"It's always been a very popular sport here. It's one of our main sports," Warren said. "And I think the main thing about it is because we're good at it. We worked, not just me, other promoters. We've invested our time and money over the years developing talent. The bottom line is we do have good, quality talent.

"We've been very successful in what we do in boxing, and I think looking at the Olympic Games we've had a great, great run there. You look at the heavyweight division over the last four or five Olympic Games. We've won medals where the U.S. hasn't won medals. I just think that with our guys we've got great followings in their hometowns. We build them in their hometowns. What we do is try to build a following in their home city, and I think that's what we're successfully doing, and that translates into interest in the fighters and the fact that the fighters want to box.

"There are a huge amount of amateur boxing clubs in the U.K., and they're very, very well supported and very well funded. And as so, we've got a good system that's working, and you see they're all translating now into what you see in the amount of British boxers that are in the ratings or are world champions."

Hearn believes one of the reasons for the upswing has been his focus on selling tickets, which helps create an electric atmosphere in the arena. That, in turn, creates an exciting viewing experience on television.

"One thing we do is we know how to give people a good night," Hearn said. "We know how to make fans leave the arena believing it was worth the money. And this is a difference between the British and U.S. markets -- they were getting so much money from the broadcasters in the U.S. the gate became irrelevant. Our gate income is probably 70 percent and 30 percent is from the broadcaster [except pay-per-views]. So we have to work every day to sell tickets and you have people in the arena with passion and that comes across on television.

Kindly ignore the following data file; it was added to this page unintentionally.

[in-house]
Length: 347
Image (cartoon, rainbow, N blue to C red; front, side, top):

"You used to see a fight at a leisure center with 600 people and no atmosphere and a s--- fight for a commonwealth title and no noise. Now you see a Brit in a world title fight with 10,000 fans going mad. You'll watch that. It's not hard to grasp. Our broadcast money was so small you had to sell tickets."

He said the turning point was Carl Froch's upset knockout of Lucian Bute to win a super middleweight belt in 2012.

"That was the first time I think an event was put together with an atmosphere where people were like, 'Wow.' That was a non-pay-per-view fight and the viewing figures were [huge]," Hearn said. "That night right there was the turning point for British boxing."

Hearn and Sky do about 24 shows a year, including four pay-per-views, which Hearn called the "beating heart" of the business. The revenue generated from them allows Hearn to pay big money to bring fighters over to face the top U.K. fighters, such as Golovkin to fight Brook and Charles Martin, who lost his heavyweight belt to Joshua. It also funds big-time domestic battles such as the Carl Frampton-Scott Quigg junior featherweight unification fight in February or the Froch-George Groves super middleweight title rematch that drew a British boxing attendance record 80,000 to Wembley Stadium in 2014.

Another reason, Hearn said, is because fighters are more willing to take risky fights than in past years because the fights turn into events, which means bigger crowds and more money.

"As someone who pays the money [to fighters], if it's a s--- fight I don't want to pay the money," Hearn said. "But if you want to be in real fights and you're good enough I will pay you over the top. But don't come to me for an easy defense or a stay-busy fight expecting this and that."

There does not seem to be an end coming any time soon given the number or titleholders, popular fighters and exciting potential fights.

"It won't be long until you see Joshua-Fury or Joshua-[David] Haye. These are Wembley Stadium fights," Hearn said. "There are so many great fights to make and I want to make them and I think the fighters have the appetite. Other fighters see this and it makes them bite the bullet and take the chance. I think we're just getting started."